Rundu-President Hage Geingob says Namibia is committed to addressing the contentious land issue but he feels the willing buyer,willing seller concept, which the country adopted in line with Resolution 435, needs to be revisited.
He said that for Namibia to achieve further economic growth, in addition to maintaining peace, everyone should be open to new approaches.
“We have exhausted the concept because after 27 years the process is slow in satisfying the wishes of the majority of Namibians. This means we need to refer back to our constitution which allows for the expropriation of land with fair compensation and also look at foreign ownership of land, especially absentee land owners,” he said when addressing the main Independence Day celebration at Rundu yesterday.
According to Geingob, in terms of ancestral land, proposals from all Namibians are welcome so that a national consensus is reached before proceeding with new measures to address the land problem.
“Of course, one question I ask when addressing land is who the owners of Windhoek and surrounding areas are. The San people always seem to be left out of the discussion on land even though they, more than any other group of Namibians, have more of a right to claim a large proportion of this country’s land,” Geingob said.
Furthermore Geingob said – in his address to Namibians from all walks of life, and foreign guests, who joined in celebrating the country’s 27th independence anniversary in Rundu – that as Namibians they should all bear in mind “that we should desist from visiting the sins of the fathers on the children of today” but come together and hold hands in dealing with the land problem for it to be solved amicably as a nation, while maintaining the strong foundations of peace, stability and unity enjoyed for 27 years.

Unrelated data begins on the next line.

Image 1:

“Fellow Namibians, today is a celebration, therefore I will not delve too deeply in issues affecting our nation, since one does not spoil a birthday celebration with a long speech. I will elaborate on some of the matters I have mentioned on the 12th of April during my State of the Nation address,” he said.
Recently several youths, as reported in the media, have been making their demands for land heard, while the country has seen several groups mobilising people, especially the youths, to demand that land be given to them and all locals to live on, which has put pressure on the government.
The independence celebration was well attended despite some attempts by several people to mobilise others to boycott the event for various reasons. The Rundu sports stadium was packed and some people on the outside of the stadium watched proceedings through the fence, while others climbed trees outside the venue to get a good view.
Congratulatory messages and best wishes from various countries were read. Letters from President Robert Mugabe of Zimbabwe, UN Secretary General Antonio Guterres, the Royal Stockholm Palace in Sweden and Russian President Vladimir Putin were noted.
DRC President Joseph Kabila, American President Donald Trump and the Canadian Government also sent congratulatory messages and best wishes, as well as the Federal Republic of Germany, the Republic of Turkey, India and the Republic of Croatia.